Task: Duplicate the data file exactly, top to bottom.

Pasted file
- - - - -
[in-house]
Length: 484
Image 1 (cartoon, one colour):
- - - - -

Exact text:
[in-house]
Length: 484
Image 1 (cartoon, one colour):